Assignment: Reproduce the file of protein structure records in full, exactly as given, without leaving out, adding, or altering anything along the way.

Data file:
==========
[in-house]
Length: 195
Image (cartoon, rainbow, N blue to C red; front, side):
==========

[in-house]
Length: 195
Image (cartoon, rainbow, N blue to C red; front, side):